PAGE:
Science and Constructed Realities

Americans are, by and large, fans of science. They just don’t know a lot about it.

Recently, the Pew Research Center did a “deep dive” on the attitudes of scientists and the general public, to assess the similarities and differences.

On the one hand, there is high regard and wide support for investments in scientific research: Fully 79% of adults say that science has made life easier for most people, and a majority is positive about science’s impact on the quality of health care, food and the environment. More than half of adults (54%) consider U.S. scientific achievements to be either the best in the world or above average compared with other industrial countries; 92% of AAAS scientists hold similarly praiseworthy views.

When the questions got down into “the weeds,” however, the results were much like surveys about the Constitution (in the words of one report, “Americans Revere Constitution, Have No Idea What’s In It.”)

So we find stark differences between what scientists believe, based upon careful empirical research and the scientific method, and what Americans think scientists believe.

The differences in beliefs about the nature of reality are wide. For example, 88% of scientists think GMO foods are safe; 37% of Americans think they are safe. There are less dramatic, but still substantial, gaps between scientists and the public about the Big Bang, evolution, and climate change.

What is even more interesting, however, is Pew’s finding that Americans who hold beliefs at odds with settled science believe that scientists are “split” on these issues. So Americans who reject the science of climate change tell survey researchers that scientific opinion is divided on the matter. As Pew delicately puts it, “Perceptions of where the scientific community stands on both climate change and evolution tend to be associated with individual views on the issue.”

More evidence–as if we needed it–that we humans see the reality we choose to see.

 

10 thoughts on “Science and Constructed Realities

  1. I keep a copy of the Constitution of the United State and the Amendments on my coffee table and another copy next to my computer – they are getting dog-eared and have numerous underlinings due to my checking news items and on line posts. Not claiming to be an expert but; much of both documents seem to be open to interpretation but basically protective of America and Americans.

    Got involved in a Facebook dispute regarding the faction against vaccinating children against childhood diseases. After posting my own experiences and that of a family member plus Rauld Dahl’s (sp?) loss of his child due to measles and still being accused of ignoring facts “skewed by the CDC”, I did further research. I remember how very ill I was with measles and chicken pox; I almost lost my 11 month old son when his chicken pox progressed to chicken pox encephlytis (again sp?) and my cousin’s 9 year old daughter becoming deaf in one ear due to measles. The anti-vaccination group still believe them to be the cause of autism; contrary to reports the past few years that no connection has been found. The suspected ingredient in the vaccine was Thimerosal; while no connect to autism was found, this was phased out in 1999 due to the controversy. It was primarily used as a preservative because it is cheaper to produce the vaccines in multi-dose vials rather than single-dose. The Institute of Medicine, World Health Organization, Food and Drug Administration and the CDC all reached the same conclusion regarding no connection between vaccinations and autism; autism continues to be on the rise and measles have made a rather strong comeback. I wonder what the percentage is of people still believing autism is caused by vaccinations? Thimerosal was developed in 1927; it was sold by Eli Lilly under the name of Merthiolate – sound familiar to any of you?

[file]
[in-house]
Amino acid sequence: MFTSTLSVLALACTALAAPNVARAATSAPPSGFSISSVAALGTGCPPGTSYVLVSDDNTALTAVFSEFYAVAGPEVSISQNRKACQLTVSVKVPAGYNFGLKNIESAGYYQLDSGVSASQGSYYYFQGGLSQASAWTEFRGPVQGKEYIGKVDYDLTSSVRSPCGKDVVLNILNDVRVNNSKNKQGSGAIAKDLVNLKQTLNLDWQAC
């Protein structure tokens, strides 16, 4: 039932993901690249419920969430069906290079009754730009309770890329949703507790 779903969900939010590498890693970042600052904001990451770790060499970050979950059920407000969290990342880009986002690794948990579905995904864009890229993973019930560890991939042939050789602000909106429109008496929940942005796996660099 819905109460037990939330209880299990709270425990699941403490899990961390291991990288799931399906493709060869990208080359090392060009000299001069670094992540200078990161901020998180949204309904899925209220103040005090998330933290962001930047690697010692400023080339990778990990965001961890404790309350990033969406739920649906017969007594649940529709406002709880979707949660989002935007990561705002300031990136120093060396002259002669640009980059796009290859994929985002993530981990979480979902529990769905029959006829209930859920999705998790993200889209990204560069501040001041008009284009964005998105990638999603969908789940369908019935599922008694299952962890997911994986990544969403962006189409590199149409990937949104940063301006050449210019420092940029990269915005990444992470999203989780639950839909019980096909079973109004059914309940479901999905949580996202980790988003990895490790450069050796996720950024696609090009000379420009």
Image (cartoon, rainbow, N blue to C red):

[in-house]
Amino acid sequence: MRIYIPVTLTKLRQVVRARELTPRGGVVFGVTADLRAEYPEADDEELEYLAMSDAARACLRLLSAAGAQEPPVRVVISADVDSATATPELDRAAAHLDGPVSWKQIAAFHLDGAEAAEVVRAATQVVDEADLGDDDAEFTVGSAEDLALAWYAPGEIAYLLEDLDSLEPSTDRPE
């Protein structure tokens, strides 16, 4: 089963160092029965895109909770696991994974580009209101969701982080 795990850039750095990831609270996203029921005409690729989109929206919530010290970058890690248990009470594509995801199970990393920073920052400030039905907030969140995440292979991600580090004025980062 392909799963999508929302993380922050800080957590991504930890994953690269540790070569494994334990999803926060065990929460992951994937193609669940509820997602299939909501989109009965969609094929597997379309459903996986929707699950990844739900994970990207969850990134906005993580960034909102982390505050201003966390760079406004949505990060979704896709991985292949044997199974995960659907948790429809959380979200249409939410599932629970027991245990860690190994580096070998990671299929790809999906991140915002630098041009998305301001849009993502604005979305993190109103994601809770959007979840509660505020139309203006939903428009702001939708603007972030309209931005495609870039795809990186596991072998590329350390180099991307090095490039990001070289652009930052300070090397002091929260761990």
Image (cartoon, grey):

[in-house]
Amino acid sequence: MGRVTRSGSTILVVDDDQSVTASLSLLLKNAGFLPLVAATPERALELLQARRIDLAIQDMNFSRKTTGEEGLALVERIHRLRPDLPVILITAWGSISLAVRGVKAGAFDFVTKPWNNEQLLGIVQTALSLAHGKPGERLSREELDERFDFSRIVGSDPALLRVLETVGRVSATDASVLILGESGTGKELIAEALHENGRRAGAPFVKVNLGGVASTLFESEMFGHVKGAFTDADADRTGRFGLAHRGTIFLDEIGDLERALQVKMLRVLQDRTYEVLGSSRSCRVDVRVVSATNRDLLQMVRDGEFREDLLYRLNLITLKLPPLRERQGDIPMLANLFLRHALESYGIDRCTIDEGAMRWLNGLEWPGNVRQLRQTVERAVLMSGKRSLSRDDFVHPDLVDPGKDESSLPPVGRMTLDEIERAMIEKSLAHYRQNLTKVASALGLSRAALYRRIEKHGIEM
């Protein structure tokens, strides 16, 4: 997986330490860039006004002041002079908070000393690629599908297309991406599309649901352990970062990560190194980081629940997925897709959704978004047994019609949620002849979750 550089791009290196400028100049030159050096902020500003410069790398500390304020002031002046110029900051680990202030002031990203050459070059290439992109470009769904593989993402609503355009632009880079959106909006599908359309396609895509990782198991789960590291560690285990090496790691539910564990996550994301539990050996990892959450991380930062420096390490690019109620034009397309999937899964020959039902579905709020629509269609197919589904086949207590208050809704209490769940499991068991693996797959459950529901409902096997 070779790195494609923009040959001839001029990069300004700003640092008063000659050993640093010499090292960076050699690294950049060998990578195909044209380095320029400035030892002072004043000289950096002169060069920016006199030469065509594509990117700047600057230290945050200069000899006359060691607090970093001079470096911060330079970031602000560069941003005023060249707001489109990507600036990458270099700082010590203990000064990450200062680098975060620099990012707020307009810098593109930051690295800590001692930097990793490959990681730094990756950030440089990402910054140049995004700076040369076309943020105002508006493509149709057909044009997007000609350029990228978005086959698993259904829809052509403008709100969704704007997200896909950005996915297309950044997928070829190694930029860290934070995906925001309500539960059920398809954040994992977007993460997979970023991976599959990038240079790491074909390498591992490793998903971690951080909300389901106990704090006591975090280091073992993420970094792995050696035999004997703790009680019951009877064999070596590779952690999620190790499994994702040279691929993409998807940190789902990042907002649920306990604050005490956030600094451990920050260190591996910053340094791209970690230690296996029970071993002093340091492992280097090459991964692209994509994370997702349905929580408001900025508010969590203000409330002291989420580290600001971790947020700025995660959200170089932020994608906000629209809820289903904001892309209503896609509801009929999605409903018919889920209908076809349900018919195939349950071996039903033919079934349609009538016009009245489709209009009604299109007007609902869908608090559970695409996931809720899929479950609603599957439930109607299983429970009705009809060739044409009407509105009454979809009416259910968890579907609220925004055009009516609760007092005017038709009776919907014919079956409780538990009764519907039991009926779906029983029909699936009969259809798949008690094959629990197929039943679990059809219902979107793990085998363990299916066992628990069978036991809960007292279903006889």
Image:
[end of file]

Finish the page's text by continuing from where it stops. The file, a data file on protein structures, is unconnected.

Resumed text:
Just last week I researched the drug Terbutaline which my daughter-in-law was prescribed to prevent premature contractions while pregnant with her 2nd child. He was originally misdiagnosed with autism; later diagnosed with Severe Alienation Disorder which is similar. It has since been either discovered – or uncovered – as being caused by Terbutaline taken by pregnant women to prevent premature contractions.

    When we reach a conclusion and set out minds to disregard all other information, on any subject, we are doing ourselves a disservice and possibly causing harm. The measles outbreak is a primary example of ignoring newer medical science findings.

    If people could get beyond the name Al Gore and the fact that he is a Democrat; they should watch his documetary “An Inconvenient Truth”. While I didn’t understand much of the technological data; I now have a much better understanding of Climate Change and Global Warming…clarification of facts was all I needed. These terms are not interchangeable which many people do not understand; causing much of the disbelief of both.

  2. What we need to be aware of is relationship between Profit and Risk. I am old enough to recall the tragic effects of Thalidomide. I sometimes think Big-Ag would like sterilize the earth so that only their seeds will grow. Add in a huge doses of herbicides and pesticides and Nature suffers.

  3. A couple of points that I believe can be made about science.